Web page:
The Chicago Bears’ Devin Hester project

The Devin Hester wide receiver project has crashed and burned to the ground.  He failed to be a consistent pass catcher and route runner in his time on offense.  His best season as a wide receiver came in 2009 when he hauled in 57 passes for 757 yards and three touchdowns.  The only other time he surpassed the 50 reception mark was the year before when he had 51.

Hester’s time as a receiver is over.  But it isn’t the worst thing.  New head coach Marc Trestman is making sure that the elusive speedster will be going back to his full time duties as the main return man on special teams.  As great as Hester once was, he has seemingly lost his ability to take it all the way.  Or has he?

Since the Bears tried to turn Hester into a receiver in 2008, he has had his ups and downs as a returner.  After being drafted in 2006, he had 11 combined kick return and punt return touchdowns in his first two seasons.  In the following five years, Hester only had six total return touchdowns, which included a two-year drought in the 2008 and 2009 seasons.  In fact, in 2009 he only had 31 combined returns, which was by far his lowest career total.

Chicago Bears

Devin Hester

It is hard to pin the entire reason for Hester’s struggles as a return man on the positional switch.  Although he did not have as many attempts in the 2010 and 2011 seasons as he did in previous years, Hester still managed to lead the league in yards per punt return with 17.1 and 16.2 respectively.  He also was the league leader in total punt return yards (564) and touchdowns (3) in 2010. So while many will be quick to say Hester hasn’t been effective since becoming a wide receiver, they are wrong.  He has still been among the league leaders as a return man.  He is just not doing it in the record-breaking fashion like he was during his first couple years in the league.

At the same time, Hester has been rather inconsistent since making the position switch.  As I mentioned before, he did not have a single return touchdown in his 2008 and 2009 seasons.  His 6.2 and 7.8 yards per punt return in those seasons are career lows.  Neither of those outputs was good enough for top 40 in the league, something that is completely unacceptable after the performances he had in the previous two seasons.  Of course he wasn’t likely to reproduce those miraculous first two seasons, but not even being in the top 40 in the following years just doesn’t make much sense – queue the position change critics.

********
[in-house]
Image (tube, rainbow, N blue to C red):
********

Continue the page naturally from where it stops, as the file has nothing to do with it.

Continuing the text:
2012 was another tough season for the three-time Pro Bowler.  Hester failed to finish in the top 30 for yards per return for both kickoff and punt returns.  He also did not find the end zone on any of his return attempts.

Hester will have to prove that he is worth the roster spot this summer in training camp.  With no other duties than returning, Chicago could seemingly part ways with the once-electrifying returner.  However, he has made it clear that he is willing to support Trestman’s decisions and return to his normal return duties and do it to the best of his abilities.  Whether the less responsibility will impact Hester’s performance as a returner is yet to be seen, but he is only 30 years old and should still have something left in the tank.  Bears fans hope that they can once again watch the man who took everyone’s breath away every time he had the ball in his hands.

Related Links

Chicago Bears season outlook: Wide receivers and tight ends

Trusting Trestman: Chicago Bears’ new coach from the north